University of Phoenix Agrees To Cancel $141 Million In Student Loan Debt

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The University of Phoenix has agreed to cancel $141 million in student loan debt as part of a settlement with the Federal Trade Commission over allegations of deceptive advertising. The charges stem from an advertising campaign that ran from 2012 through 2014, in which the school promoted partnerships with some of the biggest tech companies in the world, including Twitter, Amazon, and Apple.

The school said that they worked with the companies to build their curriculum and would help them get jobs with those companies. Despite the school's claims, there were no partnerships or agreements with any company to help students find jobs after graduating from the for-profit college.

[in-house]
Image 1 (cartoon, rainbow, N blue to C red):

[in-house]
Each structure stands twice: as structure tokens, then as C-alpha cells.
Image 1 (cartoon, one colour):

“Students making important decisions about their education need the facts, not fantasy job opportunities that do not exist," said Andrew Smith, director of the Federal Trade Commission's Bureau of Consumer Protection.

In addition to canceling the debt, the college will also have to pay $50 million to students who were misled by the ads. 

The FTC said that the settlement only covers debts that are owed to the university and does not include federal or private loans. Students with those loans will need to apply for forgiveness with the U.S. Department of Education

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